- Scott Burnside, NHL
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WASHINGTON -- If there ever was a team that has learned at the School of Hard Knocks in recent years, it's the Washington Capitals.
Denuded of talent, forgotten by fans, left to the devices of perpetually upbeat rookie coach Glen Hanlon and a bunch of youngsters he once described as a pack of carefree puppies that sometimes run into traffic and get run over, the Caps seemed destined to exist in the shadowy fringes of the NHL well into the next decade.
But here's a funny thing.
Those puppies have evolved into a sometime nasty pack of mongrels that have very quietly but quite suddenly learned how to play this game. Led by top mongrel Alexander Ovechkin, whose rambunctious, take-no-prisoners, head-on style of play embodies the team's overall grittiness, the Capitals find themselves occupying the eighth and final playoff spot in the Eastern Conference as the first third of the season comes to an end.
Last season, other teams used to compliment the Capitals because they were so difficult to play against. You'll remember that they ended the Atlanta Thrashers' postseason hopes in Game 81. But that is damning with faint praise, at its best. You're not really good enough to beat us consistently, the compliments suggested, but you did scare us and maybe roughed us up a bit. Lots of writers suggested they'd have liked to make Hanlon a nominee for Coach of the Year but, well, the Caps simply weren't good enough.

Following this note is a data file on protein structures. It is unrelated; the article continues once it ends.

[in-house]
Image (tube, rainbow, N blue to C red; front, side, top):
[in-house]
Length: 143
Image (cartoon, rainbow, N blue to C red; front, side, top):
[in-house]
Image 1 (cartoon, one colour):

This year, the some of the same comments are being made. The Capitals might be the NHL's most difficult team to play against because of their pack dog mentality. But somewhere along the way, they've learned how to finish the job, how to accumulate points, how to put opponents away and how to stop losing streaks from becoming black pits of despair.
Some of it is due to the continued evolution of defending Rookie of the Year Ovechkin, who continues to amaze with 35 points in 29 games, along with the arrival of erstwhile Russian star Alexander Semin, who has shouldered some of the scoring load.
But the Capitals are climbing the ladder as a team in a way that few others are.
While the lockout was debilitating for some franchises and confusing for others, the Capitals took advantage of the situation and built from within, which is just as well given that owner Ted Leonsis isn't about to spend much money after the Jaromir Jagr fiasco.
Hanlon points to center Brian Sutherby, who has played with a significant portion of the team at a number of different levels in the past four or five years.
"Brian Sutherby has been pretty much the captain of a group of younger players. They've established that, and it's a really neat relationship. These guys have been together in their summer camps and they've just been so close and so tight," Hanlon said.
Some of those players were part of the rebuilding phase last season which some players refer to as the first half of a 164-game, two-year season and others were with an AHL championship team in Hershey last season.